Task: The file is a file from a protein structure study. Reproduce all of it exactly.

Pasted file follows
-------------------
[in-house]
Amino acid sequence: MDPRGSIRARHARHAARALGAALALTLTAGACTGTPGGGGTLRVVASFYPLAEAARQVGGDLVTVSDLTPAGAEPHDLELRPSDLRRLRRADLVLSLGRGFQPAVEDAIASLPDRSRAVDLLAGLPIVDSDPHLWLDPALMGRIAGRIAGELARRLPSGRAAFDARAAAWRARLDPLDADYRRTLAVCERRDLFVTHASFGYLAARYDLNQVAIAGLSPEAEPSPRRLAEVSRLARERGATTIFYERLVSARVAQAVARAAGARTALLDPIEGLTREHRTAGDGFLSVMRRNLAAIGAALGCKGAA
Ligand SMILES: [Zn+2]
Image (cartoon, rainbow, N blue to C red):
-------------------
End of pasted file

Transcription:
[in-house]
Amino acid sequence: MDPRGSIRARHARHAARALGAALALTLTAGACTGTPGGGGTLRVVASFYPLAEAARQVGGDLVTVSDLTPAGAEPHDLELRPSDLRRLRRADLVLSLGRGFQPAVEDAIASLPDRSRAVDLLAGLPIVDSDPHLWLDPALMGRIAGRIAGELARRLPSGRAAFDARAAAWRARLDPLDADYRRTLAVCERRDLFVTHASFGYLAARYDLNQVAIAGLSPEAEPSPRRLAEVSRLARERGATTIFYERLVSARVAQAVARAAGARTALLDPIEGLTREHRTAGDGFLSVMRRNLAAIGAALGCKGAA
Ligand SMILES: [Zn+2]
Image (cartoon, rainbow, N blue to C red):